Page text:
I recommend this method to small business owners working in competitive fields (I do a little web design on the side) so they can demonstrate their expertise to potential clients. It also becomes a tool to educate your ongoing clients around issues that will help them get more out of the services you provide.
I did this as a classroom teacher too– I used a tool called Google Notebook (RIP) to clip little snippets of information that I would find as I was researching new lessons or units for my students. Sometimes I would clip articles expressly for them to read as assignments, but other times I would just add interesting readings to the feed for them to explore independently. Often they were readings that had informed my understanding of our projects but that I couldn’t find a way to work into the flow of our daily assignments. (If you’re interested in this sort of workflow, I’d recommend using Diigo for Educators nowadays).
Using these little tricks means that showing what you know does not require doing a lot of extra work– if you can’t find the time to write periodic blog posts, think about just sharing a steady stream of interesting articles with your chosen audience. Next, I’ll talk about another tool that helps make showing what you know easy.
Shareaholic is a great little browser plugin for most major browsers that makes it easy to share webpages on almost any social network you can think of. If you’re like me you have different types of friends on each social network– professional contacts on LinkedIn, close friends and family on Facebook, work colleagues on Diigo, and those people who still only do email– and Shareaholic makes it easy to share content on whichever “output” works for you. This way, you can create several different “channels” of information that can be customized to the different audiences and social networks that make up your Personal Learning Network.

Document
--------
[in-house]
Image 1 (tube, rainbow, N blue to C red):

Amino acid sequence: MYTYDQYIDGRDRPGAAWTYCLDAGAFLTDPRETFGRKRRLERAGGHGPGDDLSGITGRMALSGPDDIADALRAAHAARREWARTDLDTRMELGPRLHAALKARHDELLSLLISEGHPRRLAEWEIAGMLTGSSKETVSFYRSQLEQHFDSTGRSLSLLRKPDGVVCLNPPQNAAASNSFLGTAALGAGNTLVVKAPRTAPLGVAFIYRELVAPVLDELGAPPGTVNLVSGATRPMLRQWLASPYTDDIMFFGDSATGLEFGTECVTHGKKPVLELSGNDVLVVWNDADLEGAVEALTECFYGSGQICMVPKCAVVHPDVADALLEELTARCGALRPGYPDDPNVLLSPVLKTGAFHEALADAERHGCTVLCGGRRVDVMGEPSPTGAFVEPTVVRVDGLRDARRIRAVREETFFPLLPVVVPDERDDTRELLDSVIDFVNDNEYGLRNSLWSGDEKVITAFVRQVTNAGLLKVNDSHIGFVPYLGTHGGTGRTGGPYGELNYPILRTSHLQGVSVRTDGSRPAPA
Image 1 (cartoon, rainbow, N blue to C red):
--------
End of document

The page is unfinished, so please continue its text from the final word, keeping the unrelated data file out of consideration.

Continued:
Engaging with Your Networks
One mistake that many people make with social media is that they try to use it as a megaphone– to post in as many different social networks as possible in the hopes of reaching more people. Tools like Shareaholic and another favorite, Ping.fm, make it easy to blast your tweets into every social network at the same time, but I was surprised to find that this doesn’t translate into increased traffic. The same way you shouldn’t trust SEO gurus who will promise to get you to the top of Google searches in a week, you simply can’t game social networks to promote your content. The Internet has a way of rewarding content that is actually relevant and useful to people, so you have to put in the work to find out how your ideas fit into the larger conversation.
The best way to get people to pay attention to your blog is to genuinely engage in conversations with other people. Most of the traffic that comes into my blog now comes from comments I’ve made on other people’s posts– posts that are on the same topic as mine, where my blog can serve as part of the larger conversation on this topic. Finding like-minded people who are writing and tweeting about your topics of interest and asking questions, sharing ideas, and moving ideas forward is at the heart of building your Personal Learning Network. It has the added benefit of driving web traffic towards your work– traffic that you can then figure out how to turn into dollars and cents.
Please Share Back Your Experiences!
I have been very heartened and grateful at the way Part I of this post has spread across Twitter and the personal blogs of many of my own heroes on this subject. I’d love to hear your reactions as you try these techniques or compare my ideas to your own ways of managing your PLN. Feel free to use the comments below (which can cross-post to your favorite social networks as well).
- Using Twitter and Other Social Media for Professional Development (shawnurban.wordpress.com)
- Cultivate your Personal Learning Network (downes.ca)
- Professional Learning Network Plans (maysayparn.wordpress.com)
- The importance of choice: Reflections on ePortfolios (ictenhancedlearningandteaching.wordpress.com)
- Teaching and Learning with Technology Blog: E-portfolios for Learning (teachlearntechblog.blogspot.com)
- Strategies for renewing eLearning environments – Melbourne University (slideshare.net)